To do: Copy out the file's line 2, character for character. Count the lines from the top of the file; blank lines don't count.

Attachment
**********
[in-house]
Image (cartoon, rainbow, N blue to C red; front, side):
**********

Image (cartoon, rainbow, N blue to C red; front, side):